Joe Sestak, who defeated Arlen Specter in Pennsylvania’s recent Democratic primary continues to stand by his allegations that he was offered a job by the White House if he would agree to bow out of the Pennsylvania Democratic primary. And the White House continues to stand by its story that nothing improper took place.
What are the stakes? Some legal experts say that offering Sestak a job was an impeachable offense. Carl Rove, who was George Bush’s legal adviser lays out the laws that were violated as follows, according to WND.
But Karl Rove, longtime White House adviser to President George W. Bush, said the charge is explosive because of federal law.
“This is a pretty extraordinary charge: ‘They tried to bribe me out of the race by offering me a job,’” he said on Greta Van Susteran’s “On the Record” program on the Fox News Channel. “Look, that’s a violation of the federal code: 18 USC 600 says that a federal official cannot promise employment, a job in the federal government, in return for a political act.
“Somebody violated the law. If Sestak is telling the truth, somebody violated the law,” Rove said. “Section 18 USC 211 says you cannot accept anything of value in return for hiring somebody. Well, arguably, providing a clear path to the nomination for a fellow Democrat is something of value.”
If an illegal conversation took place, it all boils down to the question that was asked during the Nixon administration. “Who knew what, and when did they know it? Was a quid pro quo offered? By whom was it offered? If it was by Rahm Emmanuel, then how could Obama not have known that such an offer was made?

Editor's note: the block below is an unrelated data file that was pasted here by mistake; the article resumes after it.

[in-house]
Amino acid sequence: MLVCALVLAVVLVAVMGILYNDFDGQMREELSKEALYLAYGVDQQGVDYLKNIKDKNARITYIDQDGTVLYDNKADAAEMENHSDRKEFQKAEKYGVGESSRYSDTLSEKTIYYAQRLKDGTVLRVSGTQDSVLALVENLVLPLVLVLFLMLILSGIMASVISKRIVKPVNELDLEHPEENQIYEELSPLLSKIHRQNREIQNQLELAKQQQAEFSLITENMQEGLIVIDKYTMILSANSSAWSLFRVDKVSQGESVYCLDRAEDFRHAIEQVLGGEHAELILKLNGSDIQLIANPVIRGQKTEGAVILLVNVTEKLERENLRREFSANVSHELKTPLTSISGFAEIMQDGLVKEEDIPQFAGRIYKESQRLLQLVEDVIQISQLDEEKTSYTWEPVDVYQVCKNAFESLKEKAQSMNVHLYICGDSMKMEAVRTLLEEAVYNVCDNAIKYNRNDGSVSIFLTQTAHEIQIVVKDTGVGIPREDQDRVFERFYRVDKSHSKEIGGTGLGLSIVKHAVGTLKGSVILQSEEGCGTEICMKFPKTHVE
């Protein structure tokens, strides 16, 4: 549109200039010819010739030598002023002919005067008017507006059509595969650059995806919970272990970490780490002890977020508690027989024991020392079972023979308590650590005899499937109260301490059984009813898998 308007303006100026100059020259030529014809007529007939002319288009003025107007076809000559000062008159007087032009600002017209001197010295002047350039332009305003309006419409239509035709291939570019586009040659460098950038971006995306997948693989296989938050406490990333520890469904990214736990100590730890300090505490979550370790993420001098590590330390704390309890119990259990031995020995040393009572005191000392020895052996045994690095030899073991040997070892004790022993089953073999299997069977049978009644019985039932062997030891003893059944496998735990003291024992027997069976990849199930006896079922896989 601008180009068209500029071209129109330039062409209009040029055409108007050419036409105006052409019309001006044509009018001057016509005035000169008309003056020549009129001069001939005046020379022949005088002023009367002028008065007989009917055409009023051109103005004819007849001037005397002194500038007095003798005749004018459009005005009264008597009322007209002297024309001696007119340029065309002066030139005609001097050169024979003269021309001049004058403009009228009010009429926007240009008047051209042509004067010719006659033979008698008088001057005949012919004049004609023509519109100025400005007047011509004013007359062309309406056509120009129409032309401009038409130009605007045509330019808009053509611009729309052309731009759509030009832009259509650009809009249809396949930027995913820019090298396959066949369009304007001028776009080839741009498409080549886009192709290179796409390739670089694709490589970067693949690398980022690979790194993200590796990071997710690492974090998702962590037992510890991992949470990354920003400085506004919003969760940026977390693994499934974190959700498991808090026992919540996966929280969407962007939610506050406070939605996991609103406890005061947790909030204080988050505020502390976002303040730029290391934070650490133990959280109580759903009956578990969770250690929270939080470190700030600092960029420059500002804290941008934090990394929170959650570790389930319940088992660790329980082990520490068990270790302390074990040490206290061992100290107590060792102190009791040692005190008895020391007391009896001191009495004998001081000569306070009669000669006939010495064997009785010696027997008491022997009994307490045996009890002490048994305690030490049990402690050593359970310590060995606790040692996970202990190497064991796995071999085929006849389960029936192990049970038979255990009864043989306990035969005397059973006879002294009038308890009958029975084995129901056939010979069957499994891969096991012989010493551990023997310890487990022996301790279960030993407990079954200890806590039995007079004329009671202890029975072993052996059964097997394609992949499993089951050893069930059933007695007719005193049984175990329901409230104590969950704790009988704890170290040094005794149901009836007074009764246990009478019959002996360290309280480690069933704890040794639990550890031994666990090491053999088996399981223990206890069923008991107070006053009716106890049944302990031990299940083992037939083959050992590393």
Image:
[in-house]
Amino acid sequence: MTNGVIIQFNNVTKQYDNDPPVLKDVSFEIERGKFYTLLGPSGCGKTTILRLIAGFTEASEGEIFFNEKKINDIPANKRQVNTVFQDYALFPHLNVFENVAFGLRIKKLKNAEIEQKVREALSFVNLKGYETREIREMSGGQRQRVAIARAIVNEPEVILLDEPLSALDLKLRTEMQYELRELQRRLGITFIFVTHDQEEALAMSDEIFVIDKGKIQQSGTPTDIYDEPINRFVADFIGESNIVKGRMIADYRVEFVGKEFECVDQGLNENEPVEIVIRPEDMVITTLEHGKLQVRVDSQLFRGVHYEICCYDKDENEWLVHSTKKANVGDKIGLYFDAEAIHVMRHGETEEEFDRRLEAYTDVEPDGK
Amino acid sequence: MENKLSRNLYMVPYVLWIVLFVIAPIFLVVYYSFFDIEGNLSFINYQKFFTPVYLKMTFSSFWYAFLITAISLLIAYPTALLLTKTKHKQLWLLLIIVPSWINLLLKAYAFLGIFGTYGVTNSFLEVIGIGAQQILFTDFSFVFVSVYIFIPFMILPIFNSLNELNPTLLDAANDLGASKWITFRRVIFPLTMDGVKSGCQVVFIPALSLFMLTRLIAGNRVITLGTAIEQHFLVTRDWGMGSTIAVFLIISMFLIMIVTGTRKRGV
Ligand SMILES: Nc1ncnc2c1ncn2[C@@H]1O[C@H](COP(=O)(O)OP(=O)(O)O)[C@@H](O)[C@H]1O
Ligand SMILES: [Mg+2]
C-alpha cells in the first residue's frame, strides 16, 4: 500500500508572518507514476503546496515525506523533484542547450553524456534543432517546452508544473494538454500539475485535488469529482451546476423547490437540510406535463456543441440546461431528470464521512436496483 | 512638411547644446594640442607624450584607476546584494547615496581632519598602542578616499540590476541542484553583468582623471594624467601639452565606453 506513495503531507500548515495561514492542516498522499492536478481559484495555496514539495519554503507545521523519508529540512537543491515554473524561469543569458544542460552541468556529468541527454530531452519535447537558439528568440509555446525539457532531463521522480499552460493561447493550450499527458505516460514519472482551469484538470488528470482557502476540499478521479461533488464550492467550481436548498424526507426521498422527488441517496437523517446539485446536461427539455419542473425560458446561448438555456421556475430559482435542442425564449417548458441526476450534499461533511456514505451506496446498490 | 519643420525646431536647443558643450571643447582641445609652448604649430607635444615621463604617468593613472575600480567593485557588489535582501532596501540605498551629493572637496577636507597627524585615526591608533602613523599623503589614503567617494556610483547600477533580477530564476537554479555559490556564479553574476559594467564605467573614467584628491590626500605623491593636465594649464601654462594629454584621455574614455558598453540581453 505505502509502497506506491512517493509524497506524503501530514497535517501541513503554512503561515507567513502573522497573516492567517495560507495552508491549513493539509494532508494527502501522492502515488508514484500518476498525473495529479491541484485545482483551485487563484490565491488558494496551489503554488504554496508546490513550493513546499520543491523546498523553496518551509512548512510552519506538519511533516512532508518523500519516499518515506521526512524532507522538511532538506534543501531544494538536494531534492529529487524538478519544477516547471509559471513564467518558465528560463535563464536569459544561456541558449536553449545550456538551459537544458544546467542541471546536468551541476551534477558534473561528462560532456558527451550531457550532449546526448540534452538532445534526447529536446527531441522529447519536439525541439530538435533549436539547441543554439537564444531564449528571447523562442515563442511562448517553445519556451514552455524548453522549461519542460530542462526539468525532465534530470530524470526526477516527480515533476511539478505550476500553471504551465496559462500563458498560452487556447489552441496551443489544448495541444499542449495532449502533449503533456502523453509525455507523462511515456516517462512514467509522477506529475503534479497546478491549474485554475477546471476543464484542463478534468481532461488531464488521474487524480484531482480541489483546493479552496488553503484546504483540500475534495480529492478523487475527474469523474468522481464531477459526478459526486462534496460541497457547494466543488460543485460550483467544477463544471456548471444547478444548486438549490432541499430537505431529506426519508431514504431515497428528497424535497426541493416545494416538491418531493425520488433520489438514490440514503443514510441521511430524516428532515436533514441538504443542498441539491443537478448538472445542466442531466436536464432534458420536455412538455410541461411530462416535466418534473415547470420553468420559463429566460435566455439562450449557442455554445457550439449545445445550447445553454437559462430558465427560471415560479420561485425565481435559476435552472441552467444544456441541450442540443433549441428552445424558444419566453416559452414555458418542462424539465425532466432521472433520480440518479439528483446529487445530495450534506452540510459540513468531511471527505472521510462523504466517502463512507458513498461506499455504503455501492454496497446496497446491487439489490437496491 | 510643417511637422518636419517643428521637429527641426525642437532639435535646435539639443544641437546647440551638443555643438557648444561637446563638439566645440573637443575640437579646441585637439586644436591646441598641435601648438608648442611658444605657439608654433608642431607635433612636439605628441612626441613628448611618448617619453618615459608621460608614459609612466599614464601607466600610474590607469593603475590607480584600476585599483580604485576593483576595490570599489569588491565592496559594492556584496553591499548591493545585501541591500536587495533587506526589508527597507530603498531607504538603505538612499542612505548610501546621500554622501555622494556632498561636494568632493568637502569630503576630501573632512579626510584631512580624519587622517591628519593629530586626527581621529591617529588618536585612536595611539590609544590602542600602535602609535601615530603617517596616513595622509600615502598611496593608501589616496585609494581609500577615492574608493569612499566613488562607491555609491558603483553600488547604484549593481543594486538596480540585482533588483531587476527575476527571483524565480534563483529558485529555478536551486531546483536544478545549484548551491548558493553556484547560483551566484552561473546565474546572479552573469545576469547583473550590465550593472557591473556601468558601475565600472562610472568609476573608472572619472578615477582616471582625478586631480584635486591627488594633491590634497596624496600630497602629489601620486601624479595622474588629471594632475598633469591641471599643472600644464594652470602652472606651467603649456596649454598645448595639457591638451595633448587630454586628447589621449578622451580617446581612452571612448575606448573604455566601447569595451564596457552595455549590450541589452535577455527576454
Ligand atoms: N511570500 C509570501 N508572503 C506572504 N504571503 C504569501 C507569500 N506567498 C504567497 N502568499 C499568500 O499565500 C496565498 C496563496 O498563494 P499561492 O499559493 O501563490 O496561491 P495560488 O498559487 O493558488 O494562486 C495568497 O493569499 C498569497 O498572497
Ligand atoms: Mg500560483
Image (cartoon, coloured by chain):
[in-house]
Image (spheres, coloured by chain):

To put things into perspective, “impeachable offense” has been an increasingly frequent mantra. Since Nixon, Bill Clinton was actually impeached. The term does not mean removed from office, but that a President was indicted by the House of Representatives and tried by the Senate. Conviction is by a 2/3 majority in the Senate, which is not easy to obtain. Of all American Presidents, only Andrew Johnson and Bill Clinton were ever impeached. Neither were convicted.
After Bill Clinton, charges that George Bush should also be impeached were leveled with regularity. Despite Bush’s declining popularity, the calls for impeachment always had a shrill, partisan ring to them.
Will Joe Sestak’s allegations gain traction?It is unusual that they come from a Democrat. Why would he want to tarnish his party in the national arena? Maybe an association with the Obama administration is toxic enough that this is an attempt to win by distancing himself from the Obama administration. If he does win, how trusted will he be by fellow Democrats? If it can be proven that Sestak was offered a job, then the offer will be measured against the standards of the law. Plenty of people will want to pin the blame on Obama.
It remains to be seen how if the Sestak affair will blow over or if it will continue to come up. But it now seems clear that threats of impeachment are becoming a regular part of the political landscape for Democrats and Republicans alike. Perhaps it is for moments like these that President Obama tapped Joe Biden to be his Vice President. What better deterrent to impeachment than Joe Biden? To paraphrase a well known anti Bush bumper sticker, “Somewhere in Delaware, a village has lost its idiot.”